Persuasive Speech Outline Example
We Should Not Build Housing in Areas Prone To Flooding
Persuasive Speech Outline
1. Definition of flooding:
I. Causes of floods and examples of prone areas.
II. People should learn and take caution.
2. Effects of flooding on a country:
I. Loss of lives and properties.
II. Effects on the economy and social life.
3. Counter efforts:
I. Advice from the Environmental Agency.
II. Unworthy business.
III. People who prefer prone areas.
Flooding is a disaster, which is caused by nature. It is an overflow of large masses of water submerging or drowning land, which is not usually covered by water. Flooding also occurs in lakes and rivers, which bursts their banks making the area unsuitable for habitation to both flora and fauna. People should not build houses in areas which are likely to flood during the rainy seasons. Such areas include high slopes, river banks, and flood plains. Floods have claimed the lives of many people and property worth billions of dollars in the world during the recent times. There is nothing as heartbreaking as a person witnessing his/her expensive house being drawn away by floods. News of losing close relatives and friends is unbearable to those who are left (Langley 1).
People must learn from the history and stop building houses in flood prone areas. These losses can be prevented by taking caution and not building houses in flooding areas (Langley 1). For instance, in KwaZulu-Natal alone, more than a hundred and thirty lives have been lost and property worth eight billion destroyed since the year 2008. It is notable that the sequence of flood calamity repeats itself after a short period in the world. Individuals already settled in those areas should feel encouraged to relocate to safe areas to avoid possible losses in the future. (Memela 1). Dealing with the aftermath of flooding disaster is an expensive activity for the government, especially where the sequence or damages is high. A country is likely to suffer economically after losing property and lives of people, who contributes to the growth of the economy. Individuals who lose their loved relatives and neighbors suffer emotionally and psychologically from the separation. In addition, people who live in flood prone areas live in fear of a disaster occurrence. This limits them to invest in the area as they fear losing their property, thus, it leads to reduced economic growth (Memela 1).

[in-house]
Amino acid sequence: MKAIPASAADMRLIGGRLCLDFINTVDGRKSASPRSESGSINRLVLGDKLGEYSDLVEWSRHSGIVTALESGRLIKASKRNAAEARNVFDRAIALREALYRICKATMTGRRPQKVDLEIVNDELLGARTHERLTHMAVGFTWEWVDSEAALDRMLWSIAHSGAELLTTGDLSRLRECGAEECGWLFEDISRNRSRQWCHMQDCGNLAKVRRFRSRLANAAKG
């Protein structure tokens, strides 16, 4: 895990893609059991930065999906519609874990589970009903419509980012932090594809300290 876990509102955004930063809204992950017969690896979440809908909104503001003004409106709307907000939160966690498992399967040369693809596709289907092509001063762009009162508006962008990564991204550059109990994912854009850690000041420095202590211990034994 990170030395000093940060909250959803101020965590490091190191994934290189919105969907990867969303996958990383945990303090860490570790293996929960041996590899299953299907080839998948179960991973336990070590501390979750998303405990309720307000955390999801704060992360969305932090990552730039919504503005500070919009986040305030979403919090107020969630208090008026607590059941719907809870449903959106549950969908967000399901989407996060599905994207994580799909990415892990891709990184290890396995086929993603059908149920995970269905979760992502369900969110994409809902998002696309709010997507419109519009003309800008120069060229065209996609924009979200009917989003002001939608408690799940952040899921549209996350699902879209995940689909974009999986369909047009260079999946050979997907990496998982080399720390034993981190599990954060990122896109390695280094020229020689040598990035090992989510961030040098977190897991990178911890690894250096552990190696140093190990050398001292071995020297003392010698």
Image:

In the United Kingdom, the Environmental Agency advised the government to disallow building of new houses in areas frequently experiencing catastrophic flooding. The agency insisted that building houses in those areas means exposing peoples’ lives and wealth to a great risk. However, there are some businessmen who take advantage of the situation. They buy the houses at low prices during flooding period and sell the same houses at a profit after the floods. It has also been noted that some people prefer living in such areas, especially women who trade commodities and travelling using boats to their various market destinations. Fishermen also prefer to live on the riverbanks or lake shores for the convenience of their work place. Although this is an advantage to them, it exposes them to a higher risk of losing much (Langley 1).
In conclusion, everybody must value his/her safety and take the first initiative of not building a house in flood prone areas. This is because despite efforts by the government to relocate these people, they still return to risky areas. Meteorologists always warn people living in flooded grounds, and this falls to deaf ears as they are reluctant to move to safer grounds. The result of their ignorance is death and destruction. Governments of the nations that are prone to flooding are to be blamed on flood menace because of their reluctance in finding a lasting solution to this problem (Langley 1). Individuals, agencies and governments must all unite to prevent deaths and losses that occur as a result of building houses in areas prone to flooding.
Langley, William. “Why Were These Houses Built on a Flood Plain?” The Telegraph, 19 Dec. 2012. Web. 02 Dec. 2012.
Memela, Mhlaba. “People must not build in flood-prone areas, says MEC.” Sowetan LIVE, 19 Dec. 2012. Web. 18 May 2012.